Resorption is a general term for what happens when one part of the body absorbs or draws in another part. It occurs differently in various areas and tissues, but tooth resorption refers specifically to the inflammation and loss of dentin (inner tissue) or cementum (outer material) to absorption.
There are two main types of resorption that may happen to a tooth: internal and external.
External resorption is similar to internal resorption, and sometimes very difficult to distinguish. The causes can include trauma to the tooth, rapid orthodontic movement of the teeth (such as braces), or infection of the gum space in and around the tooth.
When the outside root or crown of a permanent tooth is absorbed, it can lead to tooth loss, infection, shifting teeth, and other mouth and jaw problems, unless you receive timely dental attention.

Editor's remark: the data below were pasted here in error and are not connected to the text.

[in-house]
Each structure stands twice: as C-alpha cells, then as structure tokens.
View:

When an endodontist diagnoses internal resorption, they are referring to the tooth itself. The dentin or cementum starts to be absorbed into the tooth canal, which causes the tooth’s inner and outer surfaces to become inflamed. This is usually caused by some form of injury to the tooth, such as trauma, chemicals or heat, or bacterial invasion of the pulp. The tooth tissue changes from its normal consistency into giant, inflamed cells that are then absorbed into the tooth root.This process eventually leaves the tooth hollow, which weakens it and makes it susceptible to damage and decay. The first sign of internal resorption a patient notices is usually a pinkish tinge to the tooth, which shows that the internal tissue is affected. Their endodontist could then order a dental image or X-ray, which might show a dental lesion in the area affected.